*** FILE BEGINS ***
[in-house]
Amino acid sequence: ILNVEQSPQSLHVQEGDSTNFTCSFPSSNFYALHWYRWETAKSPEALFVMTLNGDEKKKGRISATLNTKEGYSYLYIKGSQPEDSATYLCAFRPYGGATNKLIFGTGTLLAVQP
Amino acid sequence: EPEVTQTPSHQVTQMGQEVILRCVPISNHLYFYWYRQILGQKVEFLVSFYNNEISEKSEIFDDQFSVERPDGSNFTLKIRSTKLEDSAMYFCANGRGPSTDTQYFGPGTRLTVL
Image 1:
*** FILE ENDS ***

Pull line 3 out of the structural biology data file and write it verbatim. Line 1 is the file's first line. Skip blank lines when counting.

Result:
Amino acid sequence: EPEVTQTPSHQVTQMGQEVILRCVPISNHLYFYWYRQILGQKVEFLVSFYNNEISEKSEIFDDQFSVERPDGSNFTLKIRSTKLEDSAMYFCANGRGPSTDTQYFGPGTRLTVL